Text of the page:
• Crossref
    • PubMed
    • Search Google Scholar
    • Export Citation
  • 5

    Bell RA, Kravitz RL, Thom D, Krupat E, Azari R: Unsaid but not forgotten: patients’ unvoiced desires in office visits. Arch Intern Med 161:19771984, 2001

  • 6

    Benjamini Y, Hochberg Y: Controlling the false discovery rate: a practical and powerful approach to multiple testing. J R Stat Soc B 57:289300, 1995

  • 7

    Bible JE, Shau DN, Kay HF, Cheng JS, Aaronson OS, Devin CJ: Are low patient satisfaction scores always due to the provider?: Determinants of patient satisfaction scores during spine clinic visits. Spine (Phila Pa 1976) 43:5864, 2018

    • Crossref
    • PubMed
    • Search Google Scholar
    • Export Citation
  • 8

    Boss EF, Thompson RE: Patient satisfaction in otolaryngology: can academic institutions compete? Laryngoscope 122:10001009, 2012

  • 9

    Chen JG, Zou B, Shuster J: Relationship between patient satisfaction and physician characteristics. J Patient Exp 4:177184, 2017

  • 10

    Chotai S, Sivaganesan A, Parker SL, McGirt MJ, Devin CJ: Patient-specific factors associated with dissatisfaction after elective surgery for degenerative spine diseases. Neurosurgery 77:157163, 2015

    • Crossref
    • PubMed
    • Search Google Scholar
    • Export Citation
  • 11

    Chu H, Westbrook RA, Njue-Marendes S, Giordano TP, Dang BN: The psychology of the wait time experience—what clinics can do to manage the waiting experience for patients: a longitudinal, qualitative study. BMC Health Serv Res 19:459, 2019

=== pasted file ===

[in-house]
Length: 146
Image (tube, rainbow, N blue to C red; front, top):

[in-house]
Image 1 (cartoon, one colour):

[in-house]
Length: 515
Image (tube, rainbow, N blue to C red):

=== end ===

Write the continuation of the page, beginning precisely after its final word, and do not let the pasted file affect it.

• Crossref
    • PubMed
    • Search Google Scholar
    • Export Citation
  • 12

    Cleary PD, McNeil BJ: Patient satisfaction as an indicator of quality care. Inquiry 25:2536, 1988

  • 13

    Davis J, Burrows JF, Ben Khallouq B, Rosen P: Predictors of patient satisfaction in pediatric oncology. J Pediatr Oncol Nurs 34:435438, 2017

  • 14

    Dow CM, Roche PA, Ziebland S: Talk of frustration in the narratives of people with chronic pain. Chronic Illn 8:176191, 2012

  • 15

    Druss BG, Rosenheck RA, Stolar M: Patient satisfaction and administrative measures as indicators of the quality of mental health care. Psychiatr Serv 50:10531058, 1999

    • Crossref
    • PubMed
    • Search Google Scholar
    • Export Citation
  • 16

    Fan VS, Burman M, McDonell MB, Fihn SD: Continuity of care and other determinants of patient satisfaction with primary care. J Gen Intern Med 20:226233, 2005

    • Crossref
    • PubMed
    • Search Google Scholar
    • Export Citation
  • 17

    Fernandez E, Turk DC: The scope and significance of anger in the experience of chronic pain. Pain 61:165175, 1995

  • 18

    Finney JW, Humphreys K, Kivlahan DR, Harris AH: Why health care process performance measures can have different relationships to outcomes for patients and hospitals: understanding the ecological fallacy. Am J Public Health 101:16351642, 2011

    • Crossref
    • PubMed
    • Search Google Scholar
    • Export Citation
  • 19

    Finucane AM: The effect of fear and anger on selective attention. Emotion 11:970974, 2011

  • 20

    Ford EW, Huerta TR, Diana ML, Kazley AS, Menachemi N: Patient satisfaction scores and their relationship to hospital website quality measures. Health Mark Q 30:334348, 2013

    • Crossref
    • PubMed
    • Search Google Scholar
    • Export Citation
  • 21